“At 45 a woman should have mammograms every 2 years and this should begin earlier if there is a strong family history of breast cancer at an early age,” says Dr Ames. “People should consider having a colonoscopy after the age of 50 for bowel cancer screening.”
Another core area of focus is diabetes screening.
“If you are overweight or your waist circumference is more than 102cm (40 inches) for a man and 88cm (35 inches) for a woman, you should do a fasting blood sugar test,” she says.
While this is recommended particularly for persons in their 30s, she notes that even children are becoming more and more susceptible to not only Type 1 or juvenile diabetes, but Type 2 diabetes or lifestyle diabetes, which is usually found in adults.
“Children are simply not running around as much as they used to,” she laments. “With more technological advancements and more junk food, it is the children who pay the ultimate price. Parents need to encourage healthy habits, and practice these in the home.”
Medicine & Corporate Involvement
Dr. Ames believes that the corporate world also has a key role to play in the health of employees.
“A healthy workforce is a productive workforce, and it is in everyone’s best interest to constantly promote a healthy lifestyle — stop smoking, do screenings, and enable access to the necessary exams,” she notes.
Alongside heart disease and cancer, another area that should be emphasised by companies for their employees is bone health.
“After menopause, osteoporosis is more common due to a lack of oestrogen as our ovaries slow down,” says Dr. Ames. “This is even more detrimental for women who have additional risk factors. For instance, after menopause, osteoporosis or thinning of the bones is more common in people who drink alcohol to excess, smoke or have coeliac disease which reduces gut absorption.”
The Fracture Risk Assessment Tool (FRAX), developed by the World Health Organization (WHO), uses several clinical risk factors to estimate risk and probability of fracture in the next 10 years in untreated patients ages 40 to 90 years of age.
“There are so many things we can do, and should do, in terms of preventative medicine,” says Dr. Ames. “From diabetes and cancer screening, to pap smears, to vaccines such as for HPV (Human Papillomavirus) to just a general check-up, it is important for us all to be more aware and do as much as we can to protect our health.”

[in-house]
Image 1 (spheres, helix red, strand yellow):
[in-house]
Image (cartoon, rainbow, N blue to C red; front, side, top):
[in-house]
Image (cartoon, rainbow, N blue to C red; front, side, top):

What You Need to Know
- Women from the age of 26 should have pap smears every three (3) years, and every five (5) years from the ages of 50-69.
- In the lab that shares the building in which Dr. Ames’ office is based, liquid-based cytology is used for pap smears. This is a newer kind of test that allows testing for HPV on the same smear. This is a considerable benefit to women in terms of reducing uncertainty and the need for repeat tests, as blood or other matter smeared across the slide used for the standard pap smear can contaminate the sample and produce inadequate results.
- Some “birth control” methods are also used for other purposes. For example, while the primary purpose of Mirena is contraception, it is also used to counteract women who suffer from heavy bleeding; and to protect the lining of the womb from the oestrogen in hormone replacement therapy if using an oestrogen patch. The Mirena coil is licensed for 5 years for contraception and licensed for 4 years for the treatment of heavy bleeding or menorrhagia.
- Once a decision is made to stop using condoms, it is recommended that couples visit their doctor together, and have an open discussion about sexual history. This is important for STD screening which can cause infertility if not detected.
- Birth control patches and hormonal implants are not currently available in Trinidad and Tobago.